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Calamities bring out Pinoy’s Bayanihan, Malasakit traits

Joe Zaldarriaga



The recent Taal Volcano eruption tested anew the Filipinos’ resiliency when we are “pushed against the wall,” demonstrating how fast people come together to aid fellow countrymen in times of natural disasters. In the first few hours when the smallest volcano in the country started spewing ashes out in the air two weeks ago, people residing within the 14-kilometer radius scampered for safety and sought shelter in neighboring towns.

What we witnessed in the next two days mesmerized and touched my heart — the spirit of bayanihan and the Filipino trait of malasakit are alive. Evacuation centers, mostly public schools and government establishments, opened their doors to welcome evacuees. Even residents of nearby municipalities not directly affected by the eruption also opened their homes to embrace other evacuees who failed to get space in designated evacuation centers.

A natural calamity as disastrous as a volcano eruption normally takes days or weeks before affected families can return to their homes for safety reasons. They have to remain in designated evacuation centers indefinitely until volcanologists and local government units tell them it is safe to go back home. In such a situation, help is needed to ensure evacuees have sufficient provisions, including food, clothing and other essentials, to survive.

It is a delight to see how various independent welfare-oriented organizations, including small and large corporations, joined hands to achieve a common goal — help the evacuees in the next coming days until they are safe to return to their homes.

The ashes that were spewed out by the volcano literally covered several towns around Taal Lake, including electrical posts and wirings, putting most towns without power. To quickly restore power in affected areas, Meralco linemen and crews bravely climbed electric posts to clear the dust off the circuits and wirings, working 24/7 to bring back power in Cavite, Laguna and Batangas.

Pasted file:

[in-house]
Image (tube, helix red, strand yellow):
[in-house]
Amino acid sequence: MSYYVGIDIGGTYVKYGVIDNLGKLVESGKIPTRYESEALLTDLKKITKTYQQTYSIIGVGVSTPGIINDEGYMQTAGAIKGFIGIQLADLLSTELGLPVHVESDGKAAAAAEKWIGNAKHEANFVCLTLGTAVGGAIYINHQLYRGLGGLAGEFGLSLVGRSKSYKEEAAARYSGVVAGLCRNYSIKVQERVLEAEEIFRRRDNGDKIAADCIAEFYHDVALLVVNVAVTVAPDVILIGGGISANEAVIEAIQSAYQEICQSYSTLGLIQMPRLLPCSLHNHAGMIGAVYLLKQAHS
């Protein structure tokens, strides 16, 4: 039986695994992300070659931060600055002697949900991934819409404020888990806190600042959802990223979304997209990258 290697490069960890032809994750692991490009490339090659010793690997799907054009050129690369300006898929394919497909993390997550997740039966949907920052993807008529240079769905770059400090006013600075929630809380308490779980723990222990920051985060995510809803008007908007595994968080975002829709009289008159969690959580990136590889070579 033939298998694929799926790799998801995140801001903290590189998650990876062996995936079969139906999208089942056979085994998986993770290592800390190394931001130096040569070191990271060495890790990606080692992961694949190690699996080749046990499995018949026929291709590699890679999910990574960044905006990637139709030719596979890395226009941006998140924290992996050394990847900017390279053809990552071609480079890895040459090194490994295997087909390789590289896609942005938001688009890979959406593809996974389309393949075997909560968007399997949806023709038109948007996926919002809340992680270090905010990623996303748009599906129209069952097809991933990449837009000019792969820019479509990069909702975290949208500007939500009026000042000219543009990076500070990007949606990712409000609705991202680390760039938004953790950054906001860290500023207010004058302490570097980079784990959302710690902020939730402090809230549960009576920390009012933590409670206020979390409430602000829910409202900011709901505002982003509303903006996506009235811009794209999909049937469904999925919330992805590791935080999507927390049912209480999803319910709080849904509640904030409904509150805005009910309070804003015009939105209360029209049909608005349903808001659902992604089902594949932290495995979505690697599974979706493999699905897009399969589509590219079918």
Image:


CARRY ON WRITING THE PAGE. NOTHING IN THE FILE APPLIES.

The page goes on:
It took these brave linemen to bring back the power within seven days, a proof that the private sector, including a utility company like Meralco, is ready in times of natural calamities to provide efficient and reliable service to Filipinos.

It is during natural disasters that the private sector plays a key role to reach out and help the community. This was evident by the unyielding support afforded by the MVP Group of Companies, which readily dispatched and mobilized various contingents and trained disaster response groups to bring aid to areas affected by the Taal eruption.

Among the groups mobilized and deployed in affected communities were Tulong Kapatid, a consortium of companies and foundations of businessman Manuel V. Pangilinan, providing aid in the form of power, water, communication, food and relief packs.

To ensure families in the affected areas can communicate and find their relatives, solar mobile charging stations were set up by One Meralco Foundation, the social development arm and corporate foundation of Meralco, initially available in evacuation centers in Alfonso, Cavite, while similar stations were set up and expanded later to other areas. Also, Libreng Charging services were also made available at PLDT’s office in Gen. Aguinaldo Highway, Tagaytay City.

It was also crucial that areas without power were provided with gensets, which Meralco, in coordination with the Philippine Disaster Resilience Foundation (PDRF), installed in various organizations and evacuation centers, including assigning trained personnel to manage the operation of the gensets.

When water resources become scarce in the next few days after the eruption, Maynilad worked with the Department of Public Works and Highways (DPWH) to deploy water tankers in affected communities. Maynilad also collaborated with the Department of Social Welfare and Development (DSWD) to provide 2,000 six-liter bottles, while the Makati Medical Center Foundation supplied 2,400 bottles of mineral water.

Driving along the highways leading to the affected areas was a challenge due to ashfall. A clearing operation was spearheaded by Metro Pacific Tollways Corporation (MPTC) and provided water to clean windshields of affected CALAX motorists. MPTC also cleared ashfall at carriageways to ensure safe passage of all vehicles.

To assist Metropolitan Manila Development Authority volunteers in facilitating the evacuation, rescue and relief of affected Batangas residents, PLDT and its subsidiary Smart Communications provided them with communication support and load credits.

A first-responder food truck serving hot meals at evacuation centers was likewise mobilized by Alagang Kapatid Foundation, PLDT-Smart Foundation and Cignal TV employees. The truck likewise provided free nebulization services administered by volunteer doctors and nurses from the Makati Medical Center Foundation.

Some 8,000 pieces of face masks and 1,500 psycho-social first aid kits were distributed by the Foundation to affected families in Batangas. Similarly, the Metro Pacific Investments Foundation provided care packs containing 1,000 blankets, 1,000 mats and 1,500 shirts for both children and adults.

With no definite time and day for the evacuees to safely return to their homes, we expect LGU and the private sector’s relief efforts to continue to ensure the safety and welfare of the people and their families.

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